Last week I drove down to Normandy with the children and our dog for a week of country life with the parents and S3.
To give you a little context, I will mention two e-mail exchanges before we set of.
1. From mother: an article about a women being trampled to death by cows, whilst walking her dog, followed by a note wondering whether it might be better to leave our dog at home, as the cows were out.
2. From S2, an e-mail asking my dog not to chase her cat, (who would also be staying while we were there. – S2 would not be there.)
In hindsight, these were signs I did not read. To the first I answered it was too short notice to arrange it, and I was not worried about the cows. To the second, I answered in lightness that her cat should not chase my dog either.
All the above does nothing to explain why, on arriving (it must have been the seven hour drive) I let the dog walk free – just across the field, to the house, before we would- I vaguely supposed - gently assimilate dog with cats, in a controlled program, or whatever.
I was not thinking obviously.
It took less than a minute. We stood and watched as the dog picked up speed like the roadrunner, whizzing into the bushes and before we realized what was happening, there were two cats up two different trees. The ginger tom was eight meters up a tree in the donkey field, which was truly impressive for a flat cat on a diet. And the other cat chose less wisely and ended up on a bendy branch at the back of the house, back paws dangling and the front paws brought together in prayer, as she swayed in the wind.
(spot the cat)
After the dog had been caught and caged, it became obvious we had a problem. S2’s cat, the tom, Karmel was very high. But still, we thought our biggest problem, if worst came to worse, would be getting the fire truck down into the field.
Firemen don’t rescue cats anymore. Did you know that? We looked it up on internet.
The other cat was soon rescued with a cunning rope operation.
S3 showed extreme patience and sang to Karmel, the tomcat, shaking the food tin and calling his name at the bottom of the tree. This got him – we cheered at this news - to slide down about five meters, backside first, gripping onto the trunk with his claws; another amazing feat for an interior cat. He halted on a branch two meters from the ground, stopped in his sliding track by the donkeys, by this time grouped together under the tree.
We left Karmel where he was to have dinner, all elated by his ability to get down by himself, convinced our cat/dog adventure was over.
But the tomcat got out of the tree and disappeared into the dusk.
He did not return in the morning.
Or the next.
Bali was now no longer our pet dog, he was “the cat-chaser-beast” and was expected to keep himself very quiet. Spontaneously, I drank large glasses of red wine, but it did not stop the restless tossing at night. In the morning we stalked the fields calling Karmel’s name, but there was no movement in the bushes.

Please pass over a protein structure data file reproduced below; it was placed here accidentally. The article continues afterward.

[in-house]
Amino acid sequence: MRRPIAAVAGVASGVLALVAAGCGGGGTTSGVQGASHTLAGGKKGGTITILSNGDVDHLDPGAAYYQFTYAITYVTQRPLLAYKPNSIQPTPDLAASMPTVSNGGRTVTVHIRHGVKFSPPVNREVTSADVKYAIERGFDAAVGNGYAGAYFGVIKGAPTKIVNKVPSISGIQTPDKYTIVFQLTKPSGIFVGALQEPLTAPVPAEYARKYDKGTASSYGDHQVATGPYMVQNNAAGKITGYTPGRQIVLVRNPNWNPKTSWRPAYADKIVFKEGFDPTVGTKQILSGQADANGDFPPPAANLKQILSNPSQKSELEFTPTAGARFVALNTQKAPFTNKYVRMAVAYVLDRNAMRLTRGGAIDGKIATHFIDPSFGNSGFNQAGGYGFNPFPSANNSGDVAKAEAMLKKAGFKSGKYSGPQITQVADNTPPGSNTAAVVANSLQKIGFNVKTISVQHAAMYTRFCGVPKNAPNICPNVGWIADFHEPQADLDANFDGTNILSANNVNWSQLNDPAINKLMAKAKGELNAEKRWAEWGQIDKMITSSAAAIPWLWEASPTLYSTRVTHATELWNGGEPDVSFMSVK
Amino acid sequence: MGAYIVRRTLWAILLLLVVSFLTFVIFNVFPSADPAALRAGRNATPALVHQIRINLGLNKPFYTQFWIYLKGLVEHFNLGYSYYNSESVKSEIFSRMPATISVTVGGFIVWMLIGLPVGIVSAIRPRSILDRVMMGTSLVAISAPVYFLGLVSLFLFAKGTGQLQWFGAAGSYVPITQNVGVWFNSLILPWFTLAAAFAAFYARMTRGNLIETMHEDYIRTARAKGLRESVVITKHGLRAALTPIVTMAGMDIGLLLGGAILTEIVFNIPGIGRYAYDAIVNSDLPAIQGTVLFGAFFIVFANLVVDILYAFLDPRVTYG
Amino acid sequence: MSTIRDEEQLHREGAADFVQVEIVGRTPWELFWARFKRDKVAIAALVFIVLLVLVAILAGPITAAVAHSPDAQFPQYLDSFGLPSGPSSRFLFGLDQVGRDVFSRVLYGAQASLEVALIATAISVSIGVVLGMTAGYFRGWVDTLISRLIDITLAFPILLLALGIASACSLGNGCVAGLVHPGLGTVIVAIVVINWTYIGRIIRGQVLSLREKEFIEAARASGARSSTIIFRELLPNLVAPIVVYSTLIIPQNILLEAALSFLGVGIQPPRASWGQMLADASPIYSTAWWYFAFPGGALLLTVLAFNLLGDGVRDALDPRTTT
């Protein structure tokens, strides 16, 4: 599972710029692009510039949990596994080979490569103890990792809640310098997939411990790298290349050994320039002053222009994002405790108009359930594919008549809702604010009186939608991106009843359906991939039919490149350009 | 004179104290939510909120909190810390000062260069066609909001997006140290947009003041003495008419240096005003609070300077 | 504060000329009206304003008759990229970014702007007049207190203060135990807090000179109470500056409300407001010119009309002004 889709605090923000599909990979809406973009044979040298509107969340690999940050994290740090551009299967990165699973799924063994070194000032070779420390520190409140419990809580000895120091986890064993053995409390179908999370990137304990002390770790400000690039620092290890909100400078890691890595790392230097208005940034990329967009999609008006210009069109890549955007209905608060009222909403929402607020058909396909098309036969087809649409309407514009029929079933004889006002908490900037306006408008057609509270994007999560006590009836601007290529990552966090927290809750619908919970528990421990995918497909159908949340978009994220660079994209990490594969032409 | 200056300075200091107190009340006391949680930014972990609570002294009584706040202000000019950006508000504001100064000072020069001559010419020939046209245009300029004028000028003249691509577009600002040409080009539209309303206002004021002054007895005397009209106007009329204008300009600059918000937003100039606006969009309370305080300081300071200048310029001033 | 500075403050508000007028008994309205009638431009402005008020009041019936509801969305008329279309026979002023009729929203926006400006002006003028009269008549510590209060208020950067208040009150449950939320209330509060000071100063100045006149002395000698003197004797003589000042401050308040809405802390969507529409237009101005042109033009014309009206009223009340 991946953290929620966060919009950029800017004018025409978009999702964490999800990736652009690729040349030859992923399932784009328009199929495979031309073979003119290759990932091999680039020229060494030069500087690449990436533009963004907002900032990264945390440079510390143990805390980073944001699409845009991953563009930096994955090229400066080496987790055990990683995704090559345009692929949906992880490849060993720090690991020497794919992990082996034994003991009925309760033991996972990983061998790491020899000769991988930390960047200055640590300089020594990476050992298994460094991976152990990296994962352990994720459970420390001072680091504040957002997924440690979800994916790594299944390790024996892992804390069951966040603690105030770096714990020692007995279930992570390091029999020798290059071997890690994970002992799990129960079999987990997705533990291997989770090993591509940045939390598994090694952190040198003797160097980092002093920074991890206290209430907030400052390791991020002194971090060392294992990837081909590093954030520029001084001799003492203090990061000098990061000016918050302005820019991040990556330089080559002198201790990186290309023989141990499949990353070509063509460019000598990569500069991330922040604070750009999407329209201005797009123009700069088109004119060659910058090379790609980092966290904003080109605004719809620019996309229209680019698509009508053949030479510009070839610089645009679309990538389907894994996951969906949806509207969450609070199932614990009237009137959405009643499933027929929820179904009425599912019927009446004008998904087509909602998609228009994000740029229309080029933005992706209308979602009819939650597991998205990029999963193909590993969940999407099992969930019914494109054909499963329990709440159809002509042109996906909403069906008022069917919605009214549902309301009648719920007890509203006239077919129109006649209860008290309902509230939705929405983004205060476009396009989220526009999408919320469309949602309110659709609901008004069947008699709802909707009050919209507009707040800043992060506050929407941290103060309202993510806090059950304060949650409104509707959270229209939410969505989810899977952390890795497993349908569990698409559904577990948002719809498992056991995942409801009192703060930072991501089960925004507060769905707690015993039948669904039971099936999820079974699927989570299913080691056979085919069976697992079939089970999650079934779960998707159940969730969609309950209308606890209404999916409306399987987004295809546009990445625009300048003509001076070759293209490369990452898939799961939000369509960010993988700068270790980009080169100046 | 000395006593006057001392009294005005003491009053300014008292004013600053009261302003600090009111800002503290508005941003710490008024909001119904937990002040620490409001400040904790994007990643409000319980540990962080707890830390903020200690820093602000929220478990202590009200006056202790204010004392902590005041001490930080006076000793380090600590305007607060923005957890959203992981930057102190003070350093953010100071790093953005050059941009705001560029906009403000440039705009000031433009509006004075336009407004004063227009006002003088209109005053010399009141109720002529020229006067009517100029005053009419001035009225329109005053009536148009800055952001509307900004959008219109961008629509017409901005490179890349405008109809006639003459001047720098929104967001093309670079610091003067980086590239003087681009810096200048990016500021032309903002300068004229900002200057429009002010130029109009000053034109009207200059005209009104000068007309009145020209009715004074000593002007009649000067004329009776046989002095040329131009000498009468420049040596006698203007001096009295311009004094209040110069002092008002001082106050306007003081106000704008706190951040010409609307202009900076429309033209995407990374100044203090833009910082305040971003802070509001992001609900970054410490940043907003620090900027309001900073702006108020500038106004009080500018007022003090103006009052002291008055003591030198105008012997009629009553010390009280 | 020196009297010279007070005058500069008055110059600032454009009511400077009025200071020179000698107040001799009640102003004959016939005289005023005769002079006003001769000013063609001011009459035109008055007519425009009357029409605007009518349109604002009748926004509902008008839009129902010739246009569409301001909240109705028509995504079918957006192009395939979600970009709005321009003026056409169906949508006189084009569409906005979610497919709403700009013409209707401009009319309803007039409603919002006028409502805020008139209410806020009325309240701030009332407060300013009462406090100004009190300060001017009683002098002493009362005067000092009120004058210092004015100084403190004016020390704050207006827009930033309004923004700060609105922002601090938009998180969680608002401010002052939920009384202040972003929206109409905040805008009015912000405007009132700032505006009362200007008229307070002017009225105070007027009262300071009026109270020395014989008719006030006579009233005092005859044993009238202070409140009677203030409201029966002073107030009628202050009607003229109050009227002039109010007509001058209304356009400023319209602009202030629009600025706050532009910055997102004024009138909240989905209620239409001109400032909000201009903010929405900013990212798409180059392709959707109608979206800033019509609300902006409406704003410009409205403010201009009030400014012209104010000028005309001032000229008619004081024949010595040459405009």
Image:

We kept the spirits up, telling each other stories about cats that stayed away for days and returned, as if nothing had happened.The weather was good, conditions were optimal.
But then someone would just slip in a comment like:
“Karmel is like S2’s baby.”
“I am sure it will be alright, but it would be really awful if he did not return.”
Someone would mutter “oh God” under their breath. And sigh audibly.
“Have we lost all cat’s now?” a cry would suddenly come from upstairs.
I am glad I am not you".
We went to the annual brocante, we ate crepes in Dieppe, but it was not a normal week in Normandy.
The tension was tight, and getting tighter and I, as the owner of the cat-chaser-beast, felt particularly bad about the situation.
When do you tell someone their beloved pet has gone?
We waited until after S2’s job interview, fervently hoping we would not have to, but after four days, S2 had to be told.
“Why didn’t you keep him on a leash” she asked. This was good question.
S2 dropped everything and came down. She was cheerful, but said she would be very (I heard: very, very) upset if Karmel did not return.
And then cat-chaser beast decided to make matters worse by barking at the owner of the missing cat. He did it twice. It was no accident. I think this was when he was upgraded to cat-chaser-freak-beast.
I decided take the cat-chaser-freak-beast out of the equation and drive to Brussels for a few days, leaving the children behind. Maybe the cat would return. I was not hopeful, but wanted to give it every possible opportunity.
And yes, miracles do happen, at 1.30 am of the night I left with the cat-chaser-freak-beast, the cat did in fact return, scratching at the door, as if he had not been gone for five days, making us all look like fools calling out his name, as he hid in the undergrowth near the house.
He is doing fine, thank you.
The next day, to celebrate, I booked the extra long Jari Mari east-meets-west massage, to knuckle and thumb all tension out of me, in the knowledge that a family rift had been avoided.
Happy summer to you all!